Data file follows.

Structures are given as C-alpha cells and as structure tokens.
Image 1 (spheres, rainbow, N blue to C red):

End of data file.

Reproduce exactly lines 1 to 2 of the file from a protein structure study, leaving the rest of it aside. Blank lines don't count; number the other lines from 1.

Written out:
Structures are given as C-alpha cells and as structure tokens.
Image 1 (spheres, rainbow, N blue to C red):